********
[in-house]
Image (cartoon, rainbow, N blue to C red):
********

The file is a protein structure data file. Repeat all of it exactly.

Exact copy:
[in-house]
Image (cartoon, rainbow, N blue to C red):